Deep Water Web was also presented as a multi-channel immersive audio-visual installation

at Furtherfield Gallery 10 September - 30 October 2016

Deep Water Web is an essayistic meditation around phenomena straddling contemporary and historical geopolitical contexts of the UK and Australia. A hyperlandscape, an online environment composed from local manifestations of global environmental and capital ecologies, between points in the northern and southern hemispheres in the UK and Australia.

London and Sydney are both situated around large bodies of tidal water in the forms of the River Thames and Sydney Harbour. These bodies of water bear material evidence of the local impact of global warming, such as rising tide levels caused by melting ice caps, leading to flooding, and increasingly extreme climate fluctuation. Both cities are also global centers of neoliberal capitalism in their own regions. Deep Water Web weaves rhetorical explication of postcolonial relationships, elaborating the precarious material forms of climate change, and post-labour late capitalist neoliberal urban developments of waterfronts of former Docklands, considered within the geological and rhetorical ecology of the Anthropocene.



Web technical production
Nick Rothwell

Web design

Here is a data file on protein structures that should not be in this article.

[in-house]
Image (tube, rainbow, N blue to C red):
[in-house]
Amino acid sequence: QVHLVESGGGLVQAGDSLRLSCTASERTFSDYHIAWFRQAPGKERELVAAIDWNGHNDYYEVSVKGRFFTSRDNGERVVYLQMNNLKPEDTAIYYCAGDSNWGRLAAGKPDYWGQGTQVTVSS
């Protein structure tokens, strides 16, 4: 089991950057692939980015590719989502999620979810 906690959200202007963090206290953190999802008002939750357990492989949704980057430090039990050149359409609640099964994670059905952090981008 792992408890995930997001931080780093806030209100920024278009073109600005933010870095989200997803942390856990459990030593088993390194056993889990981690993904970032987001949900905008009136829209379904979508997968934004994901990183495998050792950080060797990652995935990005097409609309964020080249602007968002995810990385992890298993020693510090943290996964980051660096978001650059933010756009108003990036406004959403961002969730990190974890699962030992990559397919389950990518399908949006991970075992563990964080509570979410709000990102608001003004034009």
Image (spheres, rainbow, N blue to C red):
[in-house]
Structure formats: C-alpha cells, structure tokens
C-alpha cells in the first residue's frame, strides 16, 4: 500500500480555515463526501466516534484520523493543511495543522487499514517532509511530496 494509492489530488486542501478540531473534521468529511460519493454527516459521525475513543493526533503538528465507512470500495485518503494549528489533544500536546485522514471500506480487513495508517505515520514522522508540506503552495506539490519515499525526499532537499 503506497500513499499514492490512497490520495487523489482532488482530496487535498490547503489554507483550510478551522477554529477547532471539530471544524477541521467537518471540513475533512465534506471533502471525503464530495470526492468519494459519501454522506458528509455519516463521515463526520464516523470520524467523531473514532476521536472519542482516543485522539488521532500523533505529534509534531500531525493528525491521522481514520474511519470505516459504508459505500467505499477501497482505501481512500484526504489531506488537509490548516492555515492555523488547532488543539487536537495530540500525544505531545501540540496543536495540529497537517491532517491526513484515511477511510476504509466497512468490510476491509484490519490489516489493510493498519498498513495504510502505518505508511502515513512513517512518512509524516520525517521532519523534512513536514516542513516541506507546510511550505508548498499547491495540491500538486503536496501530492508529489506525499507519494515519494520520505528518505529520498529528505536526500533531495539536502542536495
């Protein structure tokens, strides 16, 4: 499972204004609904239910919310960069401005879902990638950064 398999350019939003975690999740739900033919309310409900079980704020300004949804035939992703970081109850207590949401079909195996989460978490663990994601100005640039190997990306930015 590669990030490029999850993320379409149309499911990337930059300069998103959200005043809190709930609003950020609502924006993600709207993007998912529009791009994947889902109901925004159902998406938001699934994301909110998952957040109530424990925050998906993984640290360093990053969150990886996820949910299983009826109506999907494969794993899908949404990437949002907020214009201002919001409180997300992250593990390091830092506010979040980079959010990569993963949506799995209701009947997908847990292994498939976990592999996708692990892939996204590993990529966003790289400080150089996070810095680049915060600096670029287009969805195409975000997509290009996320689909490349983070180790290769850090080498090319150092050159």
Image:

Sam Ayres

London drone photography
Pilot and Camera: Martin Balcombe

Sydney drone photography
Pilot: Jack McGrath, Camera: Kaveh Karimi, Spotters: Omar Zreika & Jason Waters, Grip: Alex Worthing

Special thanks to:

Ruth Catlow, Marc Garrett, Alessandra Scapin at Furtherfield;

Joshua Portway, Anne & Chris Wainwright, James Walters at Hermitage Moorings, London;

Blair French, Dermot Rodwell, Newton Thaiposri at Museum of Contemporary Art, Sydney;

Steve Radmall at Central Saint Martins;

James Stevens at Deckspace;

Eleanor Suess;

Central Saint Martins Research.

About the artists:

Steven Ball

is an artist, writer, and academic based in London working with audio-visual media engaged with landscape and spatial representation, in local and global, social, political and post-colonial spheres. Since 2003 he has been Research Fellow at Central Saint Martins and was instrumental in developing the British Artists Film and Video Study Collection.

John Conomos

is an artist, critic, and writer based in Sydney, Australia. His books, essays and artworks are framed within four traditions of contemporary art: Anglo-American and Australian cultural studies, critical theory and post-structuralism. He is a New Media Fellow of the Australia Council for the Arts, and Honorary Professor at Victorian College of the Arts, University of Melbourne.